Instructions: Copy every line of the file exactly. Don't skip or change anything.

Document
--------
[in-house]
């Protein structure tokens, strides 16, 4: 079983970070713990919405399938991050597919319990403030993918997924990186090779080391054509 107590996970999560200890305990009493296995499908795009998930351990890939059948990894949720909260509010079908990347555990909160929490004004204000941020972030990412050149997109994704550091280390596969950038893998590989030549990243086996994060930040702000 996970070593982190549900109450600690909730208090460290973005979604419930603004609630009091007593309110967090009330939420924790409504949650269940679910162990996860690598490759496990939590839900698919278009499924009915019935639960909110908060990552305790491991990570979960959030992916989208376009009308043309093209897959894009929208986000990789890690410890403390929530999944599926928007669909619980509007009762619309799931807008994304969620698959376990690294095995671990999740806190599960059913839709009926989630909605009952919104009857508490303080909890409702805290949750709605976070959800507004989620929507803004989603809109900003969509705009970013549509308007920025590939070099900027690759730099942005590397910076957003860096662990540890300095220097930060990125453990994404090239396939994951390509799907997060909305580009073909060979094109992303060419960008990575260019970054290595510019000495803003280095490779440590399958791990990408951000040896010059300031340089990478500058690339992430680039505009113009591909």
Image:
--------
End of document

[in-house]
């Protein structure tokens, strides 16, 4: 079983970070713990919405399938991050597919319990403030993918997924990186090779080391054509 107590996970999560200890305990009493296995499908795009998930351990890939059948990894949720909260509010079908990347555990909160929490004004204000941020972030990412050149997109994704550091280390596969950038893998590989030549990243086996994060930040702000 996970070593982190549900109450600690909730208090460290973005979604419930603004609630009091007593309110967090009330939420924790409504949650269940679910162990996860690598490759496990939590839900698919278009499924009915019935639960909110908060990552305790491991990570979960959030992916989208376009009308043309093209897959894009929208986000990789890690410890403390929530999944599926928007669909619980509007009762619309799931807008994304969620698959376990690294095995671990999740806190599960059913839709009926989630909605009952919104009857508490303080909890409702805290949750709605976070959800507004989620929507803004989603809109900003969509705009970013549509308007920025590939070099900027690759730099942005590397910076957003860096662990540890300095220097930060990125453990994404090239396939994951390509799907997060909305580009073909060979094109992303060419960008990575260019970054290595510019000495803003280095490779440590399958791990990408951000040896010059300031340089990478500058690339992430680039505009113009591909």
Image: